Whatever we might feel, there remains the inescapable fact that children need nurturing – but at what cost? A study of the gender pay gap by Princeton economist Henrik Kleven revealed a 30 per cent decline in women's earnings after the birth of their first child, to the cumulative effect that they earn 20 per cent less over the course of their career.

What's more, mothers face a different career trajectory from women who don't have children, whose earnings rise at a similar rate to men's. Forget the gender gap, it's a childbearing penalty.

Kleven gathered his data in Denmark, home of flexible working hours, a year's shared parental leave, and heavily subsidised state nurseries where children frolic, rosy-cheeked. (It's possible I'm romanticising this.) Still, in social studies, most Danes believe mothers should not work full time, and when flexibility is offered, it's mostly mothers who take it. Data show that Danish fathers account for 10 per cent of the total leave afforded to parents.

Although Australia has had a government paid parental leave scheme since 2011, WGEA data shows leave from employment after a child is born is still overwhelmingly taken by women. This hits upon a question as yet unanswered by any study: do most mothers become primary caregivers (and part-time workers) due to a societal push, or an intrinsic pull? My husband is a terrific father and a feminist – but I know he has never lain awake, totting up the hours the children spent with the nanny per week versus with him, as I did when I worked full time. Am I in fact the architect of my own career envy?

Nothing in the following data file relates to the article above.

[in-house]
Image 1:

"Being envious of a partner's career success can mean you blame your partner for taking something from you, causing anger, which leads to arguments and – in some cases – a break-up," says Young. "If you're the one being envied, you might feel guilty. One feels the responsibility; the other feels the loss."

While my husband and I are definitely not at daggers drawn, Young highlights two flashpoints that do resonate: "Insecurity, because you are reliant on someone else, and jealousy because you feel less. Of course, a good partner will sense something is wrong and ask the other if they're OK, to which the answer is often 'I'm fine' when they're not."

I wince. I have been known to adopt the "I'm fine" stance. But when I do admit to my husband that I'm envious of his career (and, ahem, writing about it), he's surprised: "I certainly don't see you as less important." How would he feel if our positions were reversed? "It would be quite challenging, to be honest." Would he envy me? Long pause. "Yes, in some ways. But then in some ways I'm envious of you now." Really? He mentions the "coffee, cake and homework" date I have with our daughter. I begin to understand: I get the best of the kids rather than the end of bedtime (if he's lucky).

Back to Jo Hemmings: "We're moulded by our expectations and experiences and we're accustomed to women being the maternal gatekeepers, but there is nothing to stop us overruling that. It might impact you financially, but in terms of your relationship and fulfilment, it might be better to split things more evenly."

Until then, both parties need to open up about what they feel they have gained and lost in the new situation, according to Young. "Respect each other: don't compare your feelings. Make a long-term plan as to how the situation will remain to give you a focus and timeline." Oprah – via Betty Friedan – was right: you can have it all. Just not all at once. Until then, I have my dates, good company and good cake – who can blame my husband for feeling a little envious of that?

The Telegraph, UK